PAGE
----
Instead of utilising the regular nets arena,one embedded with eight wicket beds,the Royal Challengers Bangalore ushered in their pre-match session at the main Ferozeshah Kotla wicket square. Two temporary rexine structures glistened under the awakening lights.
Below one,Virat Kohli velcroed on his thigh-pads; Around the other,a few opening rejects in Mayank Agarwal,Lokesh Rahul,Abhinav Mukund and Saruabh Tiwary cast their glances at the vacant net. At precisely this point,Cheteshwar Pujara,the occupant,strutted out of the dressing room in full armour. And right off the bat (literally) a few thumping hits had the bystanders clearing the vicinity.
In more ways than one,this was a symbolic moment.
For far too long in the shorter formats of the game (both fifty and twenty over cricket),Pujara has been an onlooker himself. And for far longer,his reputation of being a grit-and-scratch batsman (a false one of course) has come in his way from collecting the free runs on offer in the Indian Premier League. Consider this.
In List A cricket,the Saurashtra boy averages 56.97 in 61 matches,with a hundred roughly punctuating every 7.5 innings. Despite this,he is yet to make his one-day international debut for the country.
Stuck with that image of a nurdler,for the first 17 matches of his short IPL career Pujara was tried in every position from numbers three to eight. And it was only last season that he walked out to face the first over of the game a space reserved for the big run-getters. He scored 11 and 6 in the two opportunities he got,only to be demoted down the order for the next game and slip right out of the bottom henceforth.
Back then,though,few apart from the Ranji faithful had got a close look at him,least of all in the rushed frenzy that is the IPL. Then,late last summer,he became India’s permanent number three in Test cricket. And that closer look was finally available for the entirety of the 10 back-to-back Tests that panned out at home last year.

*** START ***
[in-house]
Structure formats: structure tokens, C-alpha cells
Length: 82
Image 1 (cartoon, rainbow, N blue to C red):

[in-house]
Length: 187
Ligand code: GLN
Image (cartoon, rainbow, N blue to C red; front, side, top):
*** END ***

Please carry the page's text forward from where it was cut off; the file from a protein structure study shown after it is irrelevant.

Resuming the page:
Insofar,it is now widely considered that no other in India’s top-six plays a more attacking brand of cricket. Unlike say a Murali Vijay,who is conventionally considered a ‘stroke-maker’,Pujara pulls and hooks freely off his backfoot. And unlike a Kohli,he finds plenty of room on his committed frontfoot to cut and drive through the square on the off side. Also,unlike most unidimensional six-finders,Pujara doesn’t slog to locate the ropes. And he sure did pierce them a few times in his comeback IPL match against the Kings XI Punjab,earlier this week.
It must have been rather reassuring for the Bangalore think-tank when Pujara made his first innings of this season count with a stroke-filled 51 what after Tillakaratne Dilshan,Agarwal,Mukund and Lokesh Rahul struggling to put bat on ball,let alone matching up to the man at the other end Chris Gayle. The Punjab game was also the first time in IPL VI that both Bangalore openers stepped it up on the same day. Pujara played all his strokes,but his carpet cutters worked as continued…